Phoenix ZIP code 85017is the most expensive for car insurance in the city -- and it's also the priciest in the state at $1,984 a year, on average. CarInsurance.com analyzed Arizona car insurance rates from six car insurance companies for nearly every ZIP code in the state.
But even if you live in the most expensive area for car insurance in the state, you can still save money by shopping around. No two insurance companies will charge the same amount of money for the same policy because they use different assessment methods. So if you compare rates and opt for the lowest, you won’t over pay. For example, the highest rate from any carrier for ZIP 85017 in CarInsurance.com's analysis was $2,554 -- nearly twice the lowest ($1,364).
To see how other Phoenix car insurance rates compare, use our average rates tool below. Enter a ZIP code, choose from among six age groups and three coverage levels and it will show the average rate, as well as the highest and lowest, for your location.
Phoenix Car Insurance Rates by ZIP Code
Enter ZIP for average rate. Then enter Age, Gender and Coverage Level for customized rate.
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CarInsurance.com commissioned Quadrant Information Services to provide a report of average auto insurance rates for a 2016 Honda Accord for nearly every ZIP code in the United States. We calculated rates using data for up to six large carriers (Allstate, Farmers, GEICO, Nationwide, Progressive and State Farm).
Averages for the default result are based on insurance for a married 40-year-old male who commutes 12 miles to work each day, with policy limits of 100/300/100 ($100,000 for injury liability for one person, $300,000 for all injuries and $100,000 for property damage in an accident) and a $500 deductible on collision and comprehensive coverage. The rate includes uninsured motorist coverage.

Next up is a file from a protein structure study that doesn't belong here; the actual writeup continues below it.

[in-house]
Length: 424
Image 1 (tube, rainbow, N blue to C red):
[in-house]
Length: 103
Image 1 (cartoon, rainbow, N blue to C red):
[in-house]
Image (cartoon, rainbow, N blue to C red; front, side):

Averages for customized rates are based on drivers ages 20, 30, 40, 50, 60 and 70 for the following coverage levels: state minimum liability, liability of 50/100/50 and 100/300/100 with $500 deductible on comprehensive and collision. These hypothetical drivers have clean records and good credit. Average rates are for comparative purposes.
Your own rate will depend on your personal factors and vehicle.
State Minimum: Required liability coverage to drive legally in your state; some states mandate additional coverage, such as personal injury protection, uninsured motorist, underinsured motorist.
Liability Only 50/100/50: $50,000 per person/$100,000 maximum per accident for bodily injury; $50,000 for property damage. Liability pays for injuries/damage you cause others.
Full Coverage 100/300/100: $100,000 per person/$300,000 maximum per accident for bodily injury; $100,000 for property damage; comprehensive and collision coverage with $500 deductible. Liability pays for injuries/damage you cause others. Comprehensive and collision pay for damage to your car.
Here's how Phoenix’s highest average rate ($1,984) compares to others:
$975 more than the least expensive average rate ($1,009) in Arizona, Lake Havasu City ZIP code 86403
$628 more than the state average ($1,356)
$649 more than the national average rate ($1,335)
Phoenix car insurance rates by ZIP code
Below are the 12 priciest ZIP codes for insurance in the city. You'll see an average, along with the maximum and minimum rates fielded from six insurers. Notice that the cost for the same coverage varies significantly from one insurance company to another. That's why it's wise to compare car insurnce quotes.
Average annual rate
*Methodology for rates by ZIP code:
CarInsurance.com commissioned Quadrant Information Services to run auto insurance rates for a 2016 Honda Accord for more than 30,000 ZIP codes in the United States using six large carriers -- Allstate, Farmers, GEICO, Nationwide, Progressive and State Farm. (In cases where an insurer’s rate wasn’t available, another major carrier's rate was substituted.) Averages are based on insurance for a single 40-year-old male who commutes 12 miles to work each day, with policy limits of 100/300/100 ($100,000 for injury liability for one person, $300,000 for all injuries and $100,000 for property damage in an accident) and a $500 deductible on collision and comprehensive coverage. This hypothetical driver has a clean record and good credit. The rate includes uninsured motorist coverage. Average rates are for comparative purposes. Your own rate will depend on your personal factors and vehicle.